I do not happen to believe that justice is capable of being described in the terms that lie behind the 2002 Act and this Bill. However, to use a disgraceful and awful expression, we are where we are. Nonetheless, I am no more convinced of the need for the adjective "reflective" than I was, during the Standing Committee in 2002, of the need for the use of the word "representative". I am provided with some hope, however, when I see the words "of the community" which follow "representative" or "reflective". To me, the concept of community does not include those outside the law or those who wilfully seek to destroy our democratic institutions through terrorism, violence or subversion.

If the Government are honest to us, to the people of Northern Ireland and to those who wish to be appointed to the judicial appointments commission, they will make it clear that they will not seek to reflect or represent on the commission people who come from the terrorist and anti-democratic organisations. They will also make it clear that they will allow nominations to be put forward only from those groups, of whatever tradition, which are wholly signed up to the institutions of a democratic Northern Ireland and a democratic United Kingdom, and which believe that judges and senior judicial officers will do justice irrespective of their origins and the origins of the people over whom they will give judgment.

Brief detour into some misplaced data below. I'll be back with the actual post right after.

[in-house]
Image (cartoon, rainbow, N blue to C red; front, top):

I know that the Government have great faith in the judiciary of Northern Ireland. The Lord Chancellor invited Lord Hutton, one of Northern Ireland's most distinguished judges, to chair the recent inquiry into the death of Dr. David Kelly, and there are many others like Lord Hutton who have served and continue to serve on the Bench of the Northern Ireland judiciary. When these judges try cases, be they criminal or civil cases, they do not say, "Ah, I am now dealing with a case involving an allegation of breach of contract. I will try it in a Protestant way", or "I will try it in a Roman Catholic way", or "I will try it in a Sinn Fein way", or "I will try it in an Ulster Unionist way". They try each case on the facts, and by applying the facts to the law.